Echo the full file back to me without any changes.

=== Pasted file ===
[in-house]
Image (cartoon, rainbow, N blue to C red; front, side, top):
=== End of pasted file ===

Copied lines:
[in-house]
Image (cartoon, rainbow, N blue to C red; front, side, top):